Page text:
Presumed consent is not the state assuming ownership of our organs. It is a way for society to show collective compassion to people in desperate need. It is, as Sir Liam Donaldson says, a matter of 'solidarity, generosity and humanity'.
Tuesday, 11 November 2008
Obesity should be tackled at a local level, with health boards empowered to find the right solutions for their areas
Although action is long overdue, the government is right to be looking for fresh thinking on how we can tackle what is undoubtedly our greatest public health challenge. Last year the parliamentary public accounts committee accused the government of "dithering and confusion", so I welcome this new focus. My frustration and fear is that dictating strategy so much from the centre, handing money down from Whitehall to the select few, will not deliver the sort of change required.
First, why is action necessary? If current trends continue, 40% of Britons will be obese by 2025. Even today, over a third of children who leave primary school are overweight.
This problem is starting early and a recent study by the Department of Health showed that nine out of 10 parents were unaware that their children were overweight.
A Foresight report last year estimated that by 2050 obesity would cost the NHS £50bn a year.
Whichever way you look at it, obesity has the potential to crush the life out of the NHS. But far more importantly, the health consequences for individuals are disastrous. Just look at the increasing incidence of diabetes. The potential also for increasing rates of heart disease, arthritis and some cancers is frightening.
As our society has got richer it has also got fatter. But the troubling paradox is that the most deprived communities also have the highest levels of obesity. The Foresight report warned of a "polarisation of the population, into the junk food eating, less-educated poor and functional food eating, better-informed higher classes". In the poorest areas of the country, access to healthy foods and exercise facilities is more difficult.
So what needs to happen? I certainly accept the case for the government piloting fresh ideas. Redesigning our towns and cities to encourage walking and cycling is the right thing to do. And I am very much in favour of exploring whether incentives can work to empower people to make informed choices.
Those who condemn this as yet another example of the nanny state have got it wrong. The state should be acting as enabler. There is a common interest here for both the state and citizens: reducing inequalities, controlling health costs and encouraging people to stay healthy. But for this to work, we have to move away from the dependency culture which exists in this country where, for any initiative to happen, it requires a hand-out from central government.
The Liberal Democrats' vision is of a radical shift of power away from Whitehall to local communities – locally elected health boards working with local government, integrating health and social care, addressing the health needs of their area. Along with democratic accountability to the communities they serve, health boards would also have the power to raise funds locally, with a commensurate reduction in national taxation.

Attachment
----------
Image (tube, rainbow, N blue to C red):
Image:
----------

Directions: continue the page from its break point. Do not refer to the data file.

We raise more of our taxes centrally than any other country in Europe apart from Malta. With that power, local health boards and local authorities could be free to innovate, to determine what is right for their area – and to find ways of reducing healthcare costs in the longer term.
A scheme they may choose to follow is one that has been introduced in Nova Scotia with strong public support. There, families get a tax-back payment if their children enrol in sports or activity clubs. A similar incentive payment could be made to those on benefits. In other countries, where healthcare is funded through insurance, providers have found that offering incentives – in the form of reduced premiums – to participate in screening, health risk assessments and physical activity reduces claims. In other words, this approach keeps people healthier and cuts cost. Surely there are positive lessons to learn here for a tax funded system.
I give the government credit for, at last, initiating some action. But please don't believe that what we have heard so far will make a dramatic difference.
Monday, 10 November 2008
healthy people avoid high blood pressure & control weight by short bursts of high intensity exercise
Preventing high blood pressure is child's play
Research from Wales suggests that healthy people may be able to avoid high blood pressure, and control their weight, by short bursts of high intensity exercise - much like the way children play in a playground. For example,
the researchers believe that six short, sharp sprints of 30 seconds three times a week could be as beneficial as jogging or cycling for 45 minutes five times a week.